Mother Neff State Park
A Legacy for Texans
Along a scenic stretch of the Leon River southwest of Waco lies Mother Neff State Park, one of Texas’ earliest state parks. Isabella Neff donated the original six acres for the park in 1921. Since then, many folks have discovered what Mother Neff knew: This is a very special place.
Things to Do
Come to the park to unwind! You can hike, picnic, camp, geocache and observe nature. Enjoy the wildflowers in the prairie and explore the canyon trails. (Due to river conditions, swimming and fishing are not allowed.)
Explore the interactive displays at our visitor center to learn more about this Central Texas treasure and its rich history.
The Leon River has flooded the lower end of the park multiple times in recent years. A new camping loop and visitor center opened in 2015 - both above the floodplain. Now the park can remain open, even when the riverfront area floods.
Our new camping loop has 20 full hookup sites (water, sewer and 50/30-amp electricity), level cement pads, and a large gathering area with a fire pit and picnic table. Or choose one of 15 tent sites near the Leon River (currently closed due to flood damage).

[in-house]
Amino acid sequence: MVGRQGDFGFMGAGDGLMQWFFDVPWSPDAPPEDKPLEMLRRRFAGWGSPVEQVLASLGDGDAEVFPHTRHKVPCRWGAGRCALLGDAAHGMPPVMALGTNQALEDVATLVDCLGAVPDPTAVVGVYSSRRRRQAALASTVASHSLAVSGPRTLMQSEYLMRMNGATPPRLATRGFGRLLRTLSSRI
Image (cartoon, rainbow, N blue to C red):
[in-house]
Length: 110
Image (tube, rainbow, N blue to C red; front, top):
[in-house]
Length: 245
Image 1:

You can also stay in our new cabin with a campsite.
Explore nearly 3.5 miles of trails for beginners to more experienced trekkers. Trails take you to the Wash Pond, to the CCC Rock Tower, and to a cave used by the Tonkawa Indian tribe in the 1800s.
We need your help! As floodwater recedes, we need volunteers to help with cleanup and restoration. Learn more at headquarters or visit our Volunteer page.
Park rangers offer nature and history programs. Check the Events page to see the schedule, or contact the park to arrange special tours.
Junior Ranger program
Kids aged four to 12 can become a junior ranger! Complete a set of activities to earn a badge and certificate. Download the activity sheets or pick up at headquarters.
Civilian Conservation Corps
The CCC built many of the facilities at Mother Neff State Park, including park roads, the concession building and the lookout/water tower. To learn more about the CCC’s work here, stop by the Visitor Center. You can also learn more on these pages:
Prairie Restoration Project
Why isn’t the grass mowed? Native prairies and grasslands play a vital role in the overall health of an ecoregion. Learn more about our prairie restoration project on our Nature page.